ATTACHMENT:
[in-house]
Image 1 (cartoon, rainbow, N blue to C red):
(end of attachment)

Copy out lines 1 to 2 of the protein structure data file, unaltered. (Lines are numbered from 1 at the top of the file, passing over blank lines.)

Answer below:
[in-house]
Image 1 (cartoon, rainbow, N blue to C red):